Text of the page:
For other meta tag identifiers you can use, view the source of this website and look in the section – look for the “og:” meta tags.  You can also read more about it in the developer documentation here.

The Feed

By using this method, you get all the benefits of any normal Facebook Page on Facebook.com.  You just have to install the proper Facebook Social Plugins to get what you want.  For instance, if you want your visitors to see a feed of all items you’ve posted to the feed, install the “Like Box” social plugin, and enter the ID of the Facebook Page you just set up. (to get the ID, go to the “Admin Page” link next to your like button, and it’s the long number in the URL)  Look over on the right of this website to see an example of the Like Box feed.

As mentioned above, you can also post items to your feed.  Click “Edit Page” on your admin Page, and you can set up an RSS feed to import notes into your feed.  I can also post videos, pictures, or anything else, just as I would a normal Facebook Page hosted on Facebook.com.

Importing Your Blog Posts

You’ll notice the “Like Box” on the right that has all the posts from this blog on it.  That’s because I’m importing the RSS for this blog and now ever time a new post goes out all the people that have “Liked” StayNAlive.com via the link above will get all the posts I submit via this blog.  This can be a great alternative to allowing users to subscribe via RSS.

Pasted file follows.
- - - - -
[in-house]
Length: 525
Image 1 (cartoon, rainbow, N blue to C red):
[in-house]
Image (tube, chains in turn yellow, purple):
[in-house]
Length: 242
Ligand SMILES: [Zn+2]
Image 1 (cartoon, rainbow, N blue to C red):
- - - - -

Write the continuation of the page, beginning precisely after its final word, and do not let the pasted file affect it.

So there you have it – any need to customize a Facebook.com-hosted Page is now moot.  We don’t need them any more.  I see no reason for hosting on Facebook itself if you need full customization.  In fact, all links your visitors see in Facebook will now point back to your own website and not Facebook.com.  When the user likes your website it will now appear in their interests and link back to your website.  That can be good for SEO.  Search results will link back to your website, and hints will show up for all your visitors’ friends, pointing them back to your website.

This, IMO is the ideal way to set up a Facebook Page now.  The Facebook Page hosted on Facebook.com is not the future.  Your website is the future, and Facebook has made it completely possible for you to own this experience.

Are there any reasons you can think of not to use this method?  What other tips do you have?  I’d like to hear them in the comments and I’ll update this post as it makes sense.